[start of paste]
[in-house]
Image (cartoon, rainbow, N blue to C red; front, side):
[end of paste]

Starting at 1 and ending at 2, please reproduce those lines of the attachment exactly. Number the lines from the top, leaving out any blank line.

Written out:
[in-house]
Image (cartoon, rainbow, N blue to C red; front, side):